Pasta Life

My mom bought matching maxi skirts for herself and me today at T.J. Maxx.  She made her special lemony hummus in my kitchen while I ran an errand.   We tried on dresses in my bedroom, taking turns in front of the skinny mirror and giving each other advice about which one to wear to my cousin’s wedding.  We also took turns scolding each other about not seeking medical attention for some chronic health issues we each have.

Yesterday I got to watch the US-Germany World Cup game with my dad, an avid soccer fan, at a local restaurant famous for its crabcakes.  This afternoon he walked over to my friend’s house to collect Jackie, and they enjoyed some sweet conversation on the walk home.  He took out my garbage and is figuring out how to fix some broken railings on our front porch.

This is life, pasta life.  It’s filling, nourishing, and yet so simple, so under-appreciated.  (Please, gluten-haters, just… don’t.)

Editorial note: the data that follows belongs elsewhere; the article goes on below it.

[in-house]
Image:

My parents just finished five years of living in Beijing, China, and are going to be working in Prague, Czech Republic, starting in late July.  We overlapped with them for four years in China, even though we were in different cities.  We’re used to not living in the same city, but we’ve also gotten the hang of doing life together in a simple, natural rhythm when we are together.  There are times when we go to museums, shops or restaurants, and times when we plan bigger outings like hikes or amusement parks.  But mostly we just do pasta life.

I love when I’m chopping something in the kitchen and I hear Dad having a heart-to-heart with Jackie on the couch.  Or when I come downstairs in the morning and the coffee’s already on, and Mom’s journaling out on the front porch with Collin keeping her company, because he loves the early morning too.

I love that Mom is such a good salad maker and how that takes the load off me when I’m cooking other parts of the meal.

I love that Dad spends time watching Collin play Minecraft, asking him about the ins and outs of the fantasy-world game.

I love that I have to (pretend to) scold my parents and my kids at the same time for jokes about flatulence.

It’s just easy, and good.  And it’s all the things I want to be thankful for,  now and always.

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